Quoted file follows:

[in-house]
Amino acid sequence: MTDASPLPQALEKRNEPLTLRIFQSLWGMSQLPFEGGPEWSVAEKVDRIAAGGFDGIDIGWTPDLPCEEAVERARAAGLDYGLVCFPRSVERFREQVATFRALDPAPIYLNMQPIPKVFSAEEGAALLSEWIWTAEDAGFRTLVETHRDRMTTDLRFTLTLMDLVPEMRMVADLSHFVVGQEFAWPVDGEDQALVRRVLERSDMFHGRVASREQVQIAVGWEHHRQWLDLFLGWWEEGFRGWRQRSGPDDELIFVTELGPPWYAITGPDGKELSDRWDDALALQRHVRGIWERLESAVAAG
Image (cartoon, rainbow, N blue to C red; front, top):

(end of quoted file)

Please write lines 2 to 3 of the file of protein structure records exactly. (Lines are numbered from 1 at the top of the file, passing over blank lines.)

Amino acid sequence: MTDASPLPQALEKRNEPLTLRIFQSLWGMSQLPFEGGPEWSVAEKVDRIAAGGFDGIDIGWTPDLPCEEAVERARAAGLDYGLVCFPRSVERFREQVATFRALDPAPIYLNMQPIPKVFSAEEGAALLSEWIWTAEDAGFRTLVETHRDRMTTDLRFTLTLMDLVPEMRMVADLSHFVVGQEFAWPVDGEDQALVRRVLERSDMFHGRVASREQVQIAVGWEHHRQWLDLFLGWWEEGFRGWRQRSGPDDELIFVTELGPPWYAITGPDGKELSDRWDDALALQRHVRGIWERLESAVAAG
Image (cartoon, rainbow, N blue to C red; front, top):